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Franciscan Friday: Why do advocacy? What is our motivation?


For our last post as part of our Lenten series “Walking in Solidarity“, Russell Testa closes with a reflection on advocacy and our call to mend relationships with those “nailed to a cross” in today’s societies around the world.

On Wednesday we reflected on the manner in which we do advocacy—the manner in which we call for personal and, especially, social conversion.  Conversion, to live in solidarity with the other, is at the heart of our message.  Why?

Several years ago, my spiritual director who is a Franciscan Sister of Perpetual Adoration (FSPA) described the manner that the sisters at her mother house approach their time of adoration.  Each sister is required to spend at least two hours reviewing the news or studying the brokenness of poverty, war, and dehumanization for each hour they are to be present in the chapel for adoration.  The insight of this action is at the center of our call to conversion, our call to advocacy:  Jesus is present in that brokenness, in the sinful structures, trying to bring healing.  Jesus is in the face of all, but especially in the faces of the poor.  St. Francis had this same insight, this same moment of conversion, when he recognized Jesus in the face of the leper, when he saw Christ as the “poor son of a poor mother.” 
The connection to one another through Christ, the connection we call solidarity, as we know, is not always perfect.  Because of our limitations we do not always do what is necessary to maintain relationships with those we know personally, let alone relationships stemming from the economic and social transactions we make daily.  When these relationships are “out of balance,” when they are not what God intended, in the Franciscan tradition, we recognize this imbalance as a sin.  St. Francis recognized sin as a broken relationship requiring penance.  The penance is not one of pain and deprivation, but rather an active repairing of the brokenness.  If we recall the beginning of St. Francis’ conversion at the Church of San Damiano–it is the act of “repairing my house.”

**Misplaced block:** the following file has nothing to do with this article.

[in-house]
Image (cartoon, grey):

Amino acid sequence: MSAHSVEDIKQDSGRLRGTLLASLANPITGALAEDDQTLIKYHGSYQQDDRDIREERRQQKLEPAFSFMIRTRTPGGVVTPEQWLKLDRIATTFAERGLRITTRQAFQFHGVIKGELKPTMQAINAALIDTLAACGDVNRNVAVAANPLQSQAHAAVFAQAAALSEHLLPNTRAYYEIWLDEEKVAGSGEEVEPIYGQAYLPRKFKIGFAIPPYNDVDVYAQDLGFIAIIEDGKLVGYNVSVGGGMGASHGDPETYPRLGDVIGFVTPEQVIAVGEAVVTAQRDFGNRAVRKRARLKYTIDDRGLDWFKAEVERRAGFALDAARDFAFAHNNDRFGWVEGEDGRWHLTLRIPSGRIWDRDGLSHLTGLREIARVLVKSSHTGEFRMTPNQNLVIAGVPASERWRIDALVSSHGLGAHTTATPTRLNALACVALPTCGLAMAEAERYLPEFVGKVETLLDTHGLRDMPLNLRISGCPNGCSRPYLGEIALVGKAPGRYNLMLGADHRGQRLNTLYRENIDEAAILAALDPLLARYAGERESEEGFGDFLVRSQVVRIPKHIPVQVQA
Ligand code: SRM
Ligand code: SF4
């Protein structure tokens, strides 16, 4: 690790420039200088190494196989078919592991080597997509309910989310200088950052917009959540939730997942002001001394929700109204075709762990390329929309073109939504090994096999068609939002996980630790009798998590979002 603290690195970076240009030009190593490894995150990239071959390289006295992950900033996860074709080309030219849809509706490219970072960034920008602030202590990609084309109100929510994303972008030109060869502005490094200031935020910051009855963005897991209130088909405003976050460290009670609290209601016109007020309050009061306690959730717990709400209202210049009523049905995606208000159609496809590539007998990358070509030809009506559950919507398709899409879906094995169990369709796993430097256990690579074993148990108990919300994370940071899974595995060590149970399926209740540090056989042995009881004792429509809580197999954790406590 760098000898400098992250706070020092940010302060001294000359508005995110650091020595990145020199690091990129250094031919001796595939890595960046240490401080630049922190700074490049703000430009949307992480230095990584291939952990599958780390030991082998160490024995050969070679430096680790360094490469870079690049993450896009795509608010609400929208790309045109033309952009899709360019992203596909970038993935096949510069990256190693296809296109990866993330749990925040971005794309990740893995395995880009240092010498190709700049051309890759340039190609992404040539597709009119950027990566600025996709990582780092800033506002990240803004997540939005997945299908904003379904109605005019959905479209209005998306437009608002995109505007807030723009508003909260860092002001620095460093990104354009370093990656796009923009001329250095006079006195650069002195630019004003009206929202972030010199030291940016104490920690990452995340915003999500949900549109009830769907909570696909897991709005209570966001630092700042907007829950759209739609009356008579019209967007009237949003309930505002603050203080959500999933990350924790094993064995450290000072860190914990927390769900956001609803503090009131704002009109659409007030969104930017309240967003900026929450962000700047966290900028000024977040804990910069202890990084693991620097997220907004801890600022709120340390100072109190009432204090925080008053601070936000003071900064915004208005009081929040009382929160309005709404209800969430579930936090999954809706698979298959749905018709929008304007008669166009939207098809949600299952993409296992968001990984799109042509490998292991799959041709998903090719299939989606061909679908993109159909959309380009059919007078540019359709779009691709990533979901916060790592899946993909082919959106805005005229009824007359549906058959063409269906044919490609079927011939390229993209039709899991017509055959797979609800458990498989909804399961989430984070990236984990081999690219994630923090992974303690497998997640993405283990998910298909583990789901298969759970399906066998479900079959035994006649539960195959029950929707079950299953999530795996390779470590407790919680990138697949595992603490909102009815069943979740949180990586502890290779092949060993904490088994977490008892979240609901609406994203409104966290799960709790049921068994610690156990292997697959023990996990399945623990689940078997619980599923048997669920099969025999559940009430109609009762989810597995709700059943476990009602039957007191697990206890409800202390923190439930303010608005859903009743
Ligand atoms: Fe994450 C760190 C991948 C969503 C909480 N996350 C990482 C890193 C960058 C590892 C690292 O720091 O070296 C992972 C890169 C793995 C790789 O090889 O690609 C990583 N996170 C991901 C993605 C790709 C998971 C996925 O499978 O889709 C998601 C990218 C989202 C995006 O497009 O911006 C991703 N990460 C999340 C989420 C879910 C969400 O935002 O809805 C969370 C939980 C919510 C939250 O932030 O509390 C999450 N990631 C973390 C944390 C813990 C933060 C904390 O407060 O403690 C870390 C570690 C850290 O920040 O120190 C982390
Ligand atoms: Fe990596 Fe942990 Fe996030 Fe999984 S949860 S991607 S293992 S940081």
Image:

Spring Break student group from University of Georgia signs petitions at homeless-awareness rally in D.C as part of their Short-Term Mission and Global Awareness Trip.

 The act of repair, the act of penance, the act of mending broken relationships, when understood in the context of our complex society with its webs of relationships, is accomplished, in part, through advocacy.  Advocacy is a call to conversion, a recognition of the sin–the broken relationship that dehumanizes others–and an act of penance by changing the sinful social structures.  Such an act, if it is to be done in a way that does not cause us to fall prey to self-righteousness or pride, requires that we approach it with a contemplated humility.  The act invites us to return to our experiences of seeing Christ in the other.

As we celebrate (yes celebrate) Good Friday, when we see Jesus nailed to the cross as a political criminal and a threat to the empire of Rome, I pray we might see the face of those who are broken in our world and nailed by the “empires” of the 21st century.  But let us not stop at the cross, because the story does not end there; let us turn to social conversion, to advocacy when the brokenness of social and personal relationships is repaired in the promise of the Easter Resurrection.

 Russell is the founding Executive Director of the Franciscan Action Network (FAN). He has served as the Animator for the Office for Justice, Peace, and Integrity of Creation (JPIC) of the Holy Name Province of the Order of Friars Minor since 2000.

We prepare and support lay Catholics for two-year international, one-year domestic and 1-2 week short-term mission service opportunities in solidarity with impoverished and marginalized communities across the globe.

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